Explore the city’s historic center to see palace fortresses, a leafy promenade and the birthplace of Pablo Picasso.
Malaga’s historic center, with its monuments and winding streets, is an inviting place for a leisurely stroll. In this small pocket of the city, Malaga’s rich history becomes touchable. Buy an espresso and a handful of Spanish churros (sweet deep-fried pastries) from a street stall and set out exploring. You’ll see ancient Roman, Moorish and Andalusian Christian relics all within a few city blocks.
Follow the curving waterfront paths past the exotic plants and trees of the central communal space called Paseo del Parque. This promenade-turned-park is also the Old Town’s major transport hub and metro buses frequent the long promenade. Rising up from the east end of the park is the impressive Plaza de Toros, Malaga’s historic bullring, which is still in use today.
Leave the park at its northern end to reach the regal fortress, Alcazaba. If you feel fit, walk the steep steps to the towering Gibralfaro Castle to be rewarded with a magnificent view across the city and the Alboran Sea. There are also taxis and buses that drive to the top of the mountain, so there is no need to work up a sweat.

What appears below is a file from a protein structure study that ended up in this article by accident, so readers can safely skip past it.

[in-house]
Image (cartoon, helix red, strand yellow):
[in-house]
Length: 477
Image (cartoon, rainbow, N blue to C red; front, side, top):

Wandering back down the hill, stop by the Malaga Ampitheatre near the entrance of Alcazaba. This ancient amphitheater dates back to the first century B.C. and is the city’s oldest monument. From here, follow the winding streets west, to see the Renaissance-style Malaga Cathedral.
Finish off your exploration with a Spanish sherry or a spicy sangria and watch the sun set over the terra-cotta tiled roofs of Malaga city.
At night, visit the heart of the Old Town where a lively dining scene unfolds. The narrow, curving one-way streets are dotted with restaurant terraces. Let the charming waiters tempt you to take a seat and order some Andalusian seafood dishes. Until late at night the tapas, paella and fried fish are being brought out to hungry visitors with typical Spanish flair.
The pedestrian-friendly Old Town is best explored on foot but is also serviced by Malaga’s affordable metro buses.